Georgia Tech’s role in helping to strengthen the economic base of rural Georgia and in creating new companies and industries in the state was highlighted at the University System of Georgia’s inaugural forum on economic development, held December 3, 2012 in Atlanta.
Karen Fite, associate director of industry services for the Georgia Tech Enterprise Innovation Institute, joined panelists from the University of Georgia, Georgia Health Sciences University and Georgia State University in addressing how the state’s research universities are impacting the economy in rural Georgia.
“Since the 1960s, Georgia Tech has reached across the state through a network of regional offices to help communities and companies of all sizes develop and implement technology-driven solutions to problems and to take advantage of new opportunities,” she said. Fite cited several examples from Georgia’s food processing industry of the use of imaging, robotics and sensing technology developed by Georgia Tech scientists and engineers.
Stephen Fleming, Georgia Tech vice president and executive director of the Enterprise Innovation Institute, moderated a panel discussion focused on generating companies and commercial opportunities from university research. He suggested that two economic trends are at play as universities work to spin out startups from research. “According to a Kauffman Foundation study, all net job creation in the United States comes from young companies,” he said. “In addition, big companies are no longer spending billions of dollars on research; it is now being done by universities.”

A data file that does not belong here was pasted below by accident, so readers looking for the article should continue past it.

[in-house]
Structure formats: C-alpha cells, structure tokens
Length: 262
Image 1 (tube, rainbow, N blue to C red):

Fleming asked the panelists what they looked for in starting a company. Anthony Coker, senior director of market and solutions development for Suniva, Inc., said, “We are a solar cell producer and need to be close to our markets, so our manufacturing is located wherever our customers are. For research and development and for our corporate headquarters, however, we wanted to be close to the scientific talent at Georgia Tech.” Suniva’s products are based on the technology developed in the laboratories of Regents’ Professor Ajeet Rohatgi, founder of Suniva and director of Georgia Tech’s federally-funded Center of Excellence for Photovoltaic Research and Education.
Serial entrepreneur David Dodd, CEO of VaxyGen Holdings Inc., agreed with Coker. “For a startup, it is critical to be close to your research team,” he said. “Your real value is in the people who innovate and solve problems.”
University System of Georgia Chancellor Hank Huckaby told the audience of entrepreneurs, academic leaders, scientists and legislators that economic development is one of the top priorities for the state’s 35 public colleges and universities. “As was evident today, we are really doing great things in our schools, and we need to do even more to capture our faculties’ innovations,” he said. “The ideas generated at today’s forum will help us do that.”